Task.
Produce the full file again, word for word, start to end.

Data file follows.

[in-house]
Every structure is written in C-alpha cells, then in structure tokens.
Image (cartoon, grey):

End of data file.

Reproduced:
[in-house]
Every structure is written in C-alpha cells, then in structure tokens.
Image (cartoon, grey):